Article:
By Manolo Serapio Jr
SINGAPORE, Dec 19 (Reuters) - Spot iron ore prices dropped
to their lowest since the end of October as buying interest from
top importer China stalled amid sluggish steel demand that has
Slower steel demand along with tighter liquidity are
prompting some Chinese steel mills to sell iron ore cargoes back
into the market, aiming to turn stockpiles into cash before spot
prices fall further.
Benchmark 62-percent grade iron ore for immediate delivery
into China .IO62-CNI=SI fell for a sixth straight session on
Wednesday, down 0.7 percent to $133.40 a tonne - the lowest
since Oct. 31, according to data compiler Steel Index.
"Demand for steel is weak because of the cold weather and
some mills are selling some of their ore back in the spot market
but the price is not that cheap," said an iron ore trader in
Colder weather slows construction activity in China,
reducing demand from a major steel consuming sector.
The resale of iron ore cargoes is not unusual since mills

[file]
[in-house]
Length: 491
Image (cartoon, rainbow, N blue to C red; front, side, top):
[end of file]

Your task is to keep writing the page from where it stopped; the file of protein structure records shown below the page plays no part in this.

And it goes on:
tend to unload some inventory back into the market every now and
then, but it shows how some cash-strapped steel producers are
coping with restricted availability of credit and softer demand.
China's benchmark seven-day bond repurchase contract rose
sharply on Thursday, pointing to tight liquidity in the banking
system, after the central bank declined to inject fresh funds
during open market operations.
The most-traded rebar for May delivery on the Shanghai
Futures Exchange closed nearly flat at 3,652 yuan
($601) a tonne on Thursday, after falling to a three-week trough
of 3,642 yuan.
Amid leaner steel demand, China's daily crude steel output
fell for the third straight 10-day period to a rate of 2.013
million tonnes in early December, the slowest pace since
mid-February, industry data showed earlier thi